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Yahoo Wants Google's Spot as the Default iOS Search Engine

jennifer-slegg
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Yahoo iOS Search

While it has been common knowledge that Yahoo wants to get back into the search game, many believe that Yahoo is just too far behind in order to get any inroads into search. However, Marissa Mayer, Yahoo's chief executive (CEO), is looking to attack it head on by becoming Apple's default search provider in iOS, Re/code reports.

The big question is whether Yahoo has a good enough mobile search product at this time. They had the technology before, but a lot has changed within the search space in those years.

Yahoo's search execs have left the company, so they would be completely rebuilding. But Mayer has her passion – and roots – in search, from her time at Google.

Mayer has been putting company resources into building a new search product. She spearheaded two projects earlier this year, called Fast Break and Curveball, specifically for the purpose of bringing back organic and paid search back within Yahoo.

It isn't a stretch that Yahoo should look to Apple if they're serious about getting to search. When I reported about Yahoo moving into contextual search, I said their key could be becoming the default search engine for Apple products.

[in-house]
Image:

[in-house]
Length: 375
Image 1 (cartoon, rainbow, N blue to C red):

Currently, the default search engine for iOS is Google, however users can change the default search engine to Yahoo or Bing in the settings. Having Yahoo set as the default search engine could result in a huge increase in the number of searches, simply because many people don't bother changing the default search engine. However, you can imagine that Google would put out a strong campaign alerting users how to change to Google in the event Apple does make the switch.

There had been speculation that Bing could potentially replace Google as the default, as Apple's Siri voice search on both the iPad and the iPhone are powered by Bing. Additionally, the relationship between Apple and Google has soured over the years, as Apple has been removing default Google-powered apps from iOS, including YouTube and the much reported on Google Maps, which caused a backlash from Apple users.

Clearly, user experience wasn't high on Apple's agenda when they switched from Google Maps to Apple Maps, so the search product's user experience might not be as high a priority as people might think. And of course, Google's Android is in direct competition with iOS products.

Yahoo already has an existing working relationship with Apple. They partner with Apple for their default weather and stocks app in iOS, so they have a history of working together, which could work to Mayer's advantage. And she is far along in the process of preparing a pitch to Apple.

However, money talks, and Mayer could decide this is important enough for her to fight for in order to bring search back to Yahoo.

Google pays Apple about $1 billion a year, however the revenue they make is much higher. So on the table is a significant amount of revenue and the search market share that Mayer has been eyeing since she took over as CEO – and that search share took another hit last month, when it lost another 2 percent to Microsoft, according to comScore.

Will we see Apple switch its default search engine from Google to Yahoo? If Mayer can deliver a good enough product, she just might be able to pull it off. However, you have to expect to that Google will try everything in their power to ensure that they remain the default search engine, and not lose the spot to Yahoo.


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